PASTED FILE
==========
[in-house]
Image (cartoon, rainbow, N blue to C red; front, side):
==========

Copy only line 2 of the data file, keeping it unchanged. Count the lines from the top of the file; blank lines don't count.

Image (cartoon, rainbow, N blue to C red; front, side):